Several things make this case very interesting because things that were used then were fairly new whereas today they seem almost routine.  The first was criminal profiling and the other was the use of DNA.  This crime occurred in the time period where investigators were learning new ways to handle scenes.  They knew the technology that everyone had hoped for for years was out there but they were learning new methods on how to preserve things.  As technology grew so did skepticism and it was more important than ever that investigators watched their steps in how they did things.  It appears this was one of the first cases, at least in the Arlington area, where officers videotaped the crime scene.  That is a great idea and one would think would come in very handy and it did... for both sides.  Again, basically you had old school and new school detectives working and the defense in this case was quick to point out that notes made by detectives did not always match the video tape.  Was that because investigators had been inside and moved things before the video began? Was it because it was possibly changed later to make their case more solid?  These are some of the things that the defense tried to focus on.  Between the criminal profiling and the DNA, this also became a case that for that era was not very common but today we see all the time... a battle of the experts.  So let us get back to the story.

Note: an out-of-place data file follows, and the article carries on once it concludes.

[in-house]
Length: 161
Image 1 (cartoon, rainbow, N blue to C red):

Joanne Lemieux was recently divorced and had moved from a nearby apartment complex into a new rented home.  Her daughter, Renee was very good friends with Ronald Trimboli's step-daughter, Hope, and soon the the Trimboli family also moved from the apartment complex to just down the street from the new Lemieux home.  While Ronald would claim that the two family were good friends, Joanne would claim that the parents were simply acquaintances because of their daughter's friendship.  Joanne and her daughters had recently met John Bradley at their local church.  He had had issues with drugs in the past and was living with another family at the church but it was not working out.  He moved into the Lemieux home on June 14th, three days before the murders.  This is important because the defense would later use his lifestyle and his issues in court.  It was reported that there was a large amount, almost toxic amount, of cocaine found around John Bradley's body when it was found in the laundry room.  I tried doing a bit of research on this and as I recall there was really only one thing I could find that said this but, regardless of if the cocaine existed (although could be very important) it was no secret that John had had his drug demons.  Just a few months prior to his own death his roommate had died in a drug related crime.  Rumors were that John had said he was "next" and was in fear.  There were also reports that at some point (although I was unable to determine exactly when) some people associated with John Bradley had been involved in a drug bust and it was reported that while searching the police found a map of the neighborhood where the Lemieuxes lived in with an X indicating their house.  The words "A Murder Mystery" were on the map.  This information was not allowed in court and while I was able to see a picture of the map, it was not allowed in court and I found very little more indicating just how valid this information was.  It did not stop the defense from trying to use it or at the very least imply things.  They were able to point out in court that by their assumptions the police did not look into this angle very well.  Whether they did or not is questionable.